The TTM is managed by a board of directors and an executive team led by the managing director.[8] As of 2018 Ms Daonoi Suttiniphapunt is managing director of TTM.[4] The acting chairman of TTM is Mr. Amnuay Preemanawong, who is also the Inspector General of the Ministry of Finance.[9]

TTM employs about 3,000 workers (March 2018).[10]

Excise taxation[edit]

In September 2017 the Excise Department raised taxes on cigarettes. Under the new rules, packs of cigarettes with a retail price over 60 baht are subject to a 40 percent excise tax levy while cheaper packs incur a lower rate of 20 percent. Foreign manufacturers subsequently lowered their prices to avoid the high tax. TTM is unable to lower its prices due to the high cost of Thai tobacco, 22 baht per kilogramme, which is higher than the world market price, and it high costs of manufacturing and overhead. As a result its market share has plunged to about 55 percent of the market, down from 80 percent before the tax changes. TTM's sales fell sharply to 30 billion cigarettes from 42 billion a year after the excise tax structure was revamped.[4] For FY2018 TTM projects a loss of 1.5 billion baht, the first shortfall in its 79-year history.[10]

Controversies[edit]

In August 2010, three major US tobacco merchants pleaded guilty to charges relating to the payment of bribes to officials of TTM. According to US court documents, from 2000 to 2004, subsidiaries of Dimon Inc., Standard Commercial Corp., and Universal Corp., sold Brazilian-grown tobacco to TTM. Each of the three companies retained sales agents in Thailand, and collaborated through those agents to apportion tobacco sales to TTM among themselves, coordinate their sales prices, and pay kickbacks to TTM officials in order to ensure that each company would share in the Thai tobacco market. To obtain these sales contracts, Dimon paid bribes to TTM officials totalling US$542,590 and Standard paid bribes totaling US$696,160, during the course of the four years. Universal admitted that its subsidiary in Brazil paid approximately US$697,000 in kickbacks to TTM officials over the period.[11]

In May 2005 Dimon Inc. and Standard Commercial Corp. merged to form Alliance One International, a leading independent leaf tobacco merchant serving the world's largest cigarette manufacturers.[12]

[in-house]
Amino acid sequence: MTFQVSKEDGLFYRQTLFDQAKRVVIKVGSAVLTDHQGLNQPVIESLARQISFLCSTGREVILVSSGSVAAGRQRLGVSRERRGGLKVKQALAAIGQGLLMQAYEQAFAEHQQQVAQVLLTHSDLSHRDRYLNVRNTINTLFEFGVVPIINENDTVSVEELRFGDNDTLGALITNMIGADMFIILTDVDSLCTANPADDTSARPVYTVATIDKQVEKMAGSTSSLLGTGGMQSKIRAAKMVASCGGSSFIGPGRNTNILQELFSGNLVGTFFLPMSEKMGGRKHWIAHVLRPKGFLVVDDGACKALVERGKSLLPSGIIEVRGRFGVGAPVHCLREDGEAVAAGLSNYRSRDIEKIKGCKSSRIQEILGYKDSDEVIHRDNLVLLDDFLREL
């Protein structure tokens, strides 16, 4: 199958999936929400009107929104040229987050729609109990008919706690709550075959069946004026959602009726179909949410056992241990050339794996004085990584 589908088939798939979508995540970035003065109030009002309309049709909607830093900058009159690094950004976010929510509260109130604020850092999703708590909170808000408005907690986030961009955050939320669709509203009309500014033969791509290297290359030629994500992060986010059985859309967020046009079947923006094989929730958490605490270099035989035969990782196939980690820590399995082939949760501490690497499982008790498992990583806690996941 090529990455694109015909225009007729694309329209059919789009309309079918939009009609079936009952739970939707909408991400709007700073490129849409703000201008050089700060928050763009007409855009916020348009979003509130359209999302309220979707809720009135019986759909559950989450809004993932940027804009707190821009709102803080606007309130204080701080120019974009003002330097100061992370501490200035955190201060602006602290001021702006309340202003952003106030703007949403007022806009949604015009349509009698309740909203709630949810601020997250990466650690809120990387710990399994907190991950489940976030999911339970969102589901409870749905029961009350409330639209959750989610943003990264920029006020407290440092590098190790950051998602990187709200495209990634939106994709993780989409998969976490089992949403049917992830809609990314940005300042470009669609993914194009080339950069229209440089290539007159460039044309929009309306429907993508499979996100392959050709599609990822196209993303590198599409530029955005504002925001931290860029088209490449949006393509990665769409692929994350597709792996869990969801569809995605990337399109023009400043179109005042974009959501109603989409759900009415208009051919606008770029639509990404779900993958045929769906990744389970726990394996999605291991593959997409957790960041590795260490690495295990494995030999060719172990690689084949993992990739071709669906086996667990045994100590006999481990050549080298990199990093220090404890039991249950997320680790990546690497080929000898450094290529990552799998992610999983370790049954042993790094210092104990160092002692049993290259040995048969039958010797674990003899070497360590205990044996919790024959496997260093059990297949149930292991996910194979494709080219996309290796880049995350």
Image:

References[edit]

  1. ^ a b Mrs Jantima Sirisaengtaksin. "Message from the Chairman". Thailand Tobacco Monopoly. Archived from the original on 2011-09-06. Retrieved 2012-01-05.
  2. ^ "Thailand Tobacco Monopoly No Longer a State Enterprise". Tobacco Asia. 2018-07-19. Retrieved 28 August 2018.
  3. ^ TTM. "History". TTM. Archived from the original on 2011-08-30. Retrieved 2012-01-05.
  4. ^ a b c d Chantanusornsiri, Wichit (28 August 2018). "Cigarette tax hike likely pushed to 2021". Bangkok Post. Retrieved 28 August 2018.
  5. ^ a b c d Schmid, Thomas (2018-03-28). "Thailand Tobacco Monopoly: Bravely Soldiering On". Tobacco Asia. Retrieved 28 August 2018.
  6. ^ TTM. "Performance". TTM. Archived from the original on 2011-08-30. Retrieved 2012-01-05.
  7. ^ a b Wichit Chantanusornsiri (21 November 2011). "TTM considers tie-up abroad with global player". Bangkok Post.
  8. ^ "Board of Directors 2011". TTM. 2011. Archived from the original on 2011-08-30. Retrieved 2012-01-05.
  9. ^ "Home Defense with Thailand Tobacco Monopoly Project". Thailand Ministry of Finance.
  10. ^ a b Chantanusornsiri, Wichit (2018-03-05). "Tobacco Monopoly feels the burn from new excise rates". Bangkok Post. Retrieved 28 August 2018.
  11. ^ Office of Public Affairs (6 August 2010). "Alliance One International Inc. and Universal Corporation Resolve Related FCPA Matters Involving Bribes Paid to Foreign Government Officials". Department of Justice.
  12. ^ Alliance One. "Company Overview". Alliance One.[not specific enough to verify]